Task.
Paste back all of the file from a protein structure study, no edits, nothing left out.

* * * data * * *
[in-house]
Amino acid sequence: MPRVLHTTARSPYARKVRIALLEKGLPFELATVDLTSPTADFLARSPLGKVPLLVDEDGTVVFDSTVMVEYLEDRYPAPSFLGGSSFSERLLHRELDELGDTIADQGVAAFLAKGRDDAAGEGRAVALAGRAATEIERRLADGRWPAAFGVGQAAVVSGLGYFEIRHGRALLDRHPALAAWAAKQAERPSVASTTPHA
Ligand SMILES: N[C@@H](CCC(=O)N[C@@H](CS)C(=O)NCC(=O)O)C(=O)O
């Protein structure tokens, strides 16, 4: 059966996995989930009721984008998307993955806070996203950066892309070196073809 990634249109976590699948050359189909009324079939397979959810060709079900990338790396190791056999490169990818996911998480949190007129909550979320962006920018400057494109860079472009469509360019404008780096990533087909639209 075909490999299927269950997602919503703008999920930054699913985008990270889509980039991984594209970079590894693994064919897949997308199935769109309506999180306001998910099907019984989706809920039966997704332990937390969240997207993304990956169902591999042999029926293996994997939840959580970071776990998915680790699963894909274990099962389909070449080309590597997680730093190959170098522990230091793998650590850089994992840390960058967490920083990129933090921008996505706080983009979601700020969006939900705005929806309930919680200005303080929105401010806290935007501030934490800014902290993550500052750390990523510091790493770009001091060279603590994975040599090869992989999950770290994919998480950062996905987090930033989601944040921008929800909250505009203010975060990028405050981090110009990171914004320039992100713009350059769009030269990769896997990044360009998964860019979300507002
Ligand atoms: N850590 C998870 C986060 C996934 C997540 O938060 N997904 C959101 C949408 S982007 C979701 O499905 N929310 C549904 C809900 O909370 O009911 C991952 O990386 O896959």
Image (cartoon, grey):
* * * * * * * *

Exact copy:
[in-house]
Amino acid sequence: MPRVLHTTARSPYARKVRIALLEKGLPFELATVDLTSPTADFLARSPLGKVPLLVDEDGTVVFDSTVMVEYLEDRYPAPSFLGGSSFSERLLHRELDELGDTIADQGVAAFLAKGRDDAAGEGRAVALAGRAATEIERRLADGRWPAAFGVGQAAVVSGLGYFEIRHGRALLDRHPALAAWAAKQAERPSVASTTPHA
Ligand SMILES: N[C@@H](CCC(=O)N[C@@H](CS)C(=O)NCC(=O)O)C(=O)O
């Protein structure tokens, strides 16, 4: 059966996995989930009721984008998307993955806070996203950066892309070196073809 990634249109976590699948050359189909009324079939397979959810060709079900990338790396190791056999490169990818996911998480949190007129909550979320962006920018400057494109860079472009469509360019404008780096990533087909639209 075909490999299927269950997602919503703008999920930054699913985008990270889509980039991984594209970079590894693994064919897949997308199935769109309506999180306001998910099907019984989706809920039966997704332990937390969240997207993304990956169902591999042999029926293996994997939840959580970071776990998915680790699963894909274990099962389909070449080309590597997680730093190959170098522990230091793998650590850089994992840390960058967490920083990129933090921008996505706080983009979601700020969006939900705005929806309930919680200005303080929105401010806290935007501030934490800014902290993550500052750390990523510091790493770009001091060279603590994975040599090869992989999950770290994919998480950062996905987090930033989601944040921008929800909250505009203010975060990028405050981090110009990171914004320039992100713009350059769009030269990769896997990044360009998964860019979300507002
Ligand atoms: N850590 C998870 C986060 C996934 C997540 O938060 N997904 C959101 C949408 S982007 C979701 O499905 N929310 C549904 C809900 O909370 O009911 C991952 O990386 O896959």
Image (cartoon, grey):